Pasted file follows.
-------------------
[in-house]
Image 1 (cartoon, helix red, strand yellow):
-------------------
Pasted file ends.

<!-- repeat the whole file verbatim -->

[in-house]
Image 1 (cartoon, helix red, strand yellow):